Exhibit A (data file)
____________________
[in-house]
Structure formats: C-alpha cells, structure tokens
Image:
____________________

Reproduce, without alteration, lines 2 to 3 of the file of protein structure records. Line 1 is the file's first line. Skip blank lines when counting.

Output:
Structure formats: C-alpha cells, structure tokens
Image: